CAF P 64F Kingcobra

P-63F Kingcobra Flies Again

Article by Richard Allnutt of Warbirds News.

 

The Commemorative Air Force's Bell P-63F Kingcobra took to the skies again on April 14, near Houston. The Kingcobra had been grounded since October 2013 due to a  forced landing. Although the aircraft did not suffer much structural damage in the forced landing,  the engine, the propeller and the reduction gear box needed a good deal of expensive reworking. P-63F 43-11719 is maintained by the P-63 Sponsor Group and one of only two of the variant ever built. She is also one of only three flying Kingcobras in the world (the others being the Palm Springs Air Museum’s P-63A 42-68864 Pretty Polly and the Legacy of Flight Museum's P-63C 43-11223).This aircraft sat disassembled in a hangar for 18 months following the accident, while the P-63 Sponsor Group planned and raised funds for the restoration work, which began in Spring 2015.

The restoration team had the wings reattached and the aircraft back on its gear again in August and reinstalled the rebuilt engine last November. The freshly rebuilt propeller and reduction gear box arrived in February and from that point on the aircraft moved quickly back to airworthy condition.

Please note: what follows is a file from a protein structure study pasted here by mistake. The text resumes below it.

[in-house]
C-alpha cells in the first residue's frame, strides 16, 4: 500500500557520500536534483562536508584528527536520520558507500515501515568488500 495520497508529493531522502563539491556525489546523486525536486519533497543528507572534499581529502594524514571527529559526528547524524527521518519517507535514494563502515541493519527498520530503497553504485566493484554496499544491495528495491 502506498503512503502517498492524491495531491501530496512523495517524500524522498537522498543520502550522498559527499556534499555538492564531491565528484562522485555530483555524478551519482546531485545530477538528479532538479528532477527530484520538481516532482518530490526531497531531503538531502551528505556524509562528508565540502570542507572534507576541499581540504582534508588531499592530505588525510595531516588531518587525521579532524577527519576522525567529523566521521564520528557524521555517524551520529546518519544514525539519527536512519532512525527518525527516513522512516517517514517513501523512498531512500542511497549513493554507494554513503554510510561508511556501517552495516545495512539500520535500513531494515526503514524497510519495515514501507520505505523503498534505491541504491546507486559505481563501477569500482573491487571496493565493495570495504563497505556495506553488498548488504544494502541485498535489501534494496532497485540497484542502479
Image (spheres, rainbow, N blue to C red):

We spoke briefly with a Mark Allen, and they made this report about the first flight, "It took two high speed runs down the runway before the aircraft took of the first flight. The flight was 20 minutes long, circling over the Pearland (Houston area) airport at 2,000 feet. During the flight, time was spent checking the systems, specifically the fuel system and the landing gear, including a gear down flyby. Engine pressures and temperatures were monitored very closely. Some minor squawks where found and fixed before the next flight the following day."

It is great to see her back in the air. Expect to see her a good deal on the airshow circuit this year.
There is one other example of the Kingcobra in the CAF fleet, P-63A 42-68941 with the Dixie Wing in Peachtree City, Ga. The Dixie Wing P-63 is nearing the end of a decades-long restoration effort, and they expect her to be flying again in the coming months.
Watch this space for more information and updates!
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